Big Sky's topsides have undergone a make over. We asked professionals to assess the work and provide a price. The rubber needed to be cut back, new rubber added in various sections, a few dozen plugs replaces, the teak gently sanded, and then cleaned with a special teak cleaner. Con started the work himself, carefully testing sections and when it looked good, he carried on. I joined him making it a labour of love returning the teak to its original (or close to) look. And the bonus was that we saved a few thousand euro doing it ourselves.
April 9 -- This dinghy takes off from the water and has crossed overhead at least once a week since the weather has been nice. We've never seen a flying dinghy before, and wanted to share it with you in this video, left.
April 10 -- We woke early this morning and hustled across the fishing harbour to the promenade where the Limassol Marathon 42 km run started at 7:15 am. Representation has arrived from all over the world for this event, including Canada and The Netherlands. It's a beautiful day for the event, with morning temperatures around 19 degrees, promising high 20s later today with a bit of an overcast. Con positioned himself in the very best place in Limassol -- the VIP stage where the starter stands -- so he could capture the best pictures. The Cypriots are always polite and tolerant, but they did ask him to leave, since he wasn't wearing a VIP badge. The marathon course is a low degree difficulty race, most of it taking place along the flat coastal road.
April 12 -- Finally rain arrived in Limassol during the night helping fill their dry reservoir to get Cyprus through the hottest months yet to come. In a perfect world, it would be a clean rain, and we would wake to a glistening boat and sunny warm weather -- WE DID!
April 17 -- 2016 – Before our final departure from Cyprus we hoped on a plane for a 3 ½-hour flight to Amsterdam to celebrate what would have been Con’s mom (Nomie’s) 100th birthday. She made it to 98.5 years old leaving this world peacefully. Albertine collected us at Schiphol in the wee hours of the morning, driving us back to her cozy place where we’ll stay for the next week. The three of us became tourists, setting off each day to towns that we hadn’t visited before, or for Albertine and Con some towns that they hadn’t visited in a very long time. We visited Urk, Elburg, Kampen and a day in Amsterdam. A definite highlight was visiting the newly renovated Rijksmuseum in Amsterdam Rembrandt’s “Night Watch” painted in 1642. On the 21st June, we put flower arrangements together and visited Nomie’s grave in Vreeland, located in a beautiful spot beside a working windmill at the edge of the Vecht River. Vreeland is where the family grew up, and we walked all over the small town all the while Con and Albertine reminisced their childhood. “… here’s where the baker lived… the butcher… our first house… second house…” pointing out bedroom windows and sharing stories of a time past. Anna, Geert, Albertine and I visited the Tuesday fresh market for herring and smoked trout (just as we did with Nomie each Tuesday when we were in town) and took it to benches at the river’s edge enjoying the atmosphere and the parakeets in the trees above.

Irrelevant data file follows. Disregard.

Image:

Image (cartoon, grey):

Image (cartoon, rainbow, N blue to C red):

April 25 – BACK ON THE BOAT
With a few days remaining before our Cyprus departure and another day with the car rental, we toured the Troodos Mountains of Cyprus stopping at what was once the Asbestos Mine, now being reclaimed since it was shut down. While in Limassol, we drove to the great Salt Lake and looked at the fabulous bird wildlife. Our final dental visits are now behind us and our new #26 tooth -- each – are firmly in place.
April 30 – Departing Cyprus
With a great dose of excitement and a bit of woe, we departed Cyprus pondering whether we’d return. As much as we enjoyed the island, our curiosity leaves us yearning to explore other locations in this part of the world throughout the winter months.
Departing for our two-day sail to Kastellirozo, we passed the fishing boat going the other way with our donated tarp sheltering the fisherman from the mid-morning sun. Sharing watch, we arrived well rested tying up directly in front of one of our favourite restaurants. “Welcome back,” the proprietor said, offering his WiFi once again.
May 3, 2016 – Off to Rhodes